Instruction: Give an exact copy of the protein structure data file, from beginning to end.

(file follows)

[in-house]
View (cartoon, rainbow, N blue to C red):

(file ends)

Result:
[in-house]
View (cartoon, rainbow, N blue to C red):